Long Method? Move Accumulation to a Collecting Parameter


You would have definitely come across long bulky methods which accumulate information to a local variable and pass back that information. Here the local variable goes through a lot of changes throughout the logic of the method before it is finally returned back. Let us see how the combination of compose method, that we covered in the last post, and moving accumulation to a collecting parameter can help us in this case. Let us consider the following code sample

public List<Event> filterEvents(){
	List<Event> filteredEvents = new ArrayList<Event>();
	for (StateEvent stateEvent : allStateEvents) {
	        //if some logic is true then
		filteredEvents.add(stateEvent);
	}
	
	for (DistrictEvent districtEvent : allDistrictEvents) {
		for (Event event: filteredEvents){
			if (event.getChairman().equals(districtEvent.getChairman())){
				filteredEvents.add(districtEvent);
			}
		}
	}
	for (CityEvent cityEvent : allCityEvents) {
	        //if some logic is true then
		filteredEvents.add(cityEvent);
	}
	…	
	…
	… continues …

	return filteredEvents;
}

As you would notice, this method is an accumulating method. Why? Because it is a method that accumulates information into a collecting parameter. The collecting parameter here happens to be filteredEvents. Ideally, you could decompose this method in 2 ways

Either we can use the compose method and have individual methods pass back the results as events. These events could then be combined into a final list which can be passed back.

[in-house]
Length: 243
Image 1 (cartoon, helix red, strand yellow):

OR

Instead of having each of the methods return a result, which you later combine into a final result, you can incrementally accumulate a result by passing a Collecting Parameter to each of the methods. The methods write their information to the Collecting Parameter, which accumulates all of the results.

For our case let us see how the method would change

public List<Event> filterEvents(){
	List<Event> filteredEvents = new ArrayList<Event>();
	filterPerStateEvents( filteredEvents);
	filterPerDistrictEvents( filteredEvents);
	filterPerCityEvents( filteredEvents);
	return filteredEvents;
}

As you can see the method becomes very small and clean as compared to the one that we started with. This method not only connects well with the reader by showing exactly what is happening but is also easy to extend and maintain.

And what do our private methods look like? You would have guessed by now, that they too are easy to read, clean and follow SRP.

private void  filterPerStateEvents (List<Event>  filteredEvents){
	for (StateEvent stateEvent : allStateEvents) {
		//if some logic is true then
		filteredEvents.add(stateEvent);
	}
}

private void  filterPerDistrictEvents (List<Event>  filteredEvents){
	for (DistrictEvent districtEvent : allDistrictEvents) {
		for (Event event: filteredEvents){
			if (event.getChairman().equals(districtEvent.getChairman())){
				filteredEvents.add(districtEvent);
			}
		}
	}
}

private void  filterPerCityEvents (List<Event>  filteredEvents){
	for (CityEvent cityEvent : allCityEvents) {
	//if some logic is true then
		filteredEvents.add(cityEvent);
	}
}

With this post we saw how easy it is to refactor code and reduce the size of long bulky methods by using a combination of compose method and moving accumulation to a collecting parameter. Keep tuned. Wishing you a clean code.

About Vikas Hazrati

Vikas is the Founding Partner @ Knoldus which is a group of software industry veterans who have joined hands to add value to the art of software development. Knoldus does niche Reactive and Big Data product development on Scala, Spark and Functional Java. Knoldus has a strong focus on software craftsmanship which ensures high-quality software development. It partners with the best in the industry like Lightbend (Scala Ecosystem), Databricks (Spark Ecosystem), Confluent (Kafka) and Datastax (Cassandra). To know more, send a mail to hello@knoldus.com or visit www.knoldus.com
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